Women & the Art of Architecture

On May 9th, I will be a part of the “Women & the Art of Architecture” event co-hosted by AAUW, LFA and AIAOC. Below is the article written by Janice Hayden and Elliot Quint, ideators and organizers of the event. 

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Juintow Lin became interested in architecture when her house burned down while she was a freshman in high school. After her family engaged an architect for the rebuild, she was fascinated by the trade and decided to become an architect.  Her passion led her to MIT, and later on a career path in New York, London, China and elsewhere.  She is the founder and principal at Foxlin Architects in San Clemente designing contemporary, sustainable residences and commercial structures.

Lin is one of ten successful women architects from Orange County who are part of “Women and the Art of Architecture”, an event taking place on May 9that Neighborhood Congregational Church from 6:30 – 9 pm.  The American Association of University Women – Laguna Beach (AAUW-LB), Laguna Friends of Architecture (LFA), and the American Institute of Architects Orange County (AIAOC) will host this free of charge event, which includes a slideshow of the architects’ work, a portable gallery “museum wall” celebrating past pioneering California women architects, and a moderated panel discussion.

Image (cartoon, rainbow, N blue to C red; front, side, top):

This event is designed for architecture lovers and supporters of women in the professions.  The organizers also hope to attract high school and college students as well as their parents to this event.  “It will be an opportunity to learn about architecture as a career and to be awed by the accomplishments of women professionals,” said Janice Hayden of both AAUW and LFA.  “The women will share their challenges and speak about the paths within architecture and what is needed to reach leadership positions in the field.  They will talk about finding meaning and giving back to their community through their work.”

“This event will help increase social awareness about what a woman in architecture does, and how her contributions and engagements inside and outside the profession matter in creating a diverse and inclusive profession,” says Meghana Joshi from the Board of Directors of AIA OC.  “Being a woman in architecture used to be a rarity, but luckily with support and a network, we are not just surviving, we are thriving”

Women have made great progress in this historically male-dominated profession, today constituting more than half of all students enrolled in accredited architecture programs.  Collectively, these ten women architects have worked in Orange County, Los Angeles, New York, London, Hong Kong and elsewhere.  They have designed commercial buildings, health care facilities, community facilities, retail, multi-family housing, private residences, senior and affordable housing, and have done planning, design, and historical renovation.  They have done research on Sustainable Urban Housing in China, invented an artificial intelligence-powered smart safety device, and have done large scale land planning.  They include professors at Orange Coast College, Cal Poly Pomona and USC.